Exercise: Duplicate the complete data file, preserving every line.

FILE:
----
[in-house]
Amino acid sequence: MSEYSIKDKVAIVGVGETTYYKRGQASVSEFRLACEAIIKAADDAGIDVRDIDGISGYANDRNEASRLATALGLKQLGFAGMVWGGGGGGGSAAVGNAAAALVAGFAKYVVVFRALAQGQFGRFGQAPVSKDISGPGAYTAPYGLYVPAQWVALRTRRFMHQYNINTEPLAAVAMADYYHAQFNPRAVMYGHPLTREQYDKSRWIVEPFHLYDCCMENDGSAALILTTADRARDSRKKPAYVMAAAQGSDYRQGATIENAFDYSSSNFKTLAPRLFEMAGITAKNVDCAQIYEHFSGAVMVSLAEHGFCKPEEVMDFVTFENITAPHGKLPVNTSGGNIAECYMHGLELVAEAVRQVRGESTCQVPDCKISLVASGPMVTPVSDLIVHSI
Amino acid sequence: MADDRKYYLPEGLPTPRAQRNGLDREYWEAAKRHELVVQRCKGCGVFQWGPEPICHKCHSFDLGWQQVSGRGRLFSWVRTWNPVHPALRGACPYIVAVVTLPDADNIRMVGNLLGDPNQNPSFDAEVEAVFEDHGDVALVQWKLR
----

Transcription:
[in-house]
Amino acid sequence: MSEYSIKDKVAIVGVGETTYYKRGQASVSEFRLACEAIIKAADDAGIDVRDIDGISGYANDRNEASRLATALGLKQLGFAGMVWGGGGGGGSAAVGNAAAALVAGFAKYVVVFRALAQGQFGRFGQAPVSKDISGPGAYTAPYGLYVPAQWVALRTRRFMHQYNINTEPLAAVAMADYYHAQFNPRAVMYGHPLTREQYDKSRWIVEPFHLYDCCMENDGSAALILTTADRARDSRKKPAYVMAAAQGSDYRQGATIENAFDYSSSNFKTLAPRLFEMAGITAKNVDCAQIYEHFSGAVMVSLAEHGFCKPEEVMDFVTFENITAPHGKLPVNTSGGNIAECYMHGLELVAEAVRQVRGESTCQVPDCKISLVASGPMVTPVSDLIVHSI
Amino acid sequence: MADDRKYYLPEGLPTPRAQRNGLDREYWEAAKRHELVVQRCKGCGVFQWGPEPICHKCHSFDLGWQQVSGRGRLFSWVRTWNPVHPALRGACPYIVAVVTLPDADNIRMVGNLLGDPNQNPSFDAEVEAVFEDHGDVALVQWKLR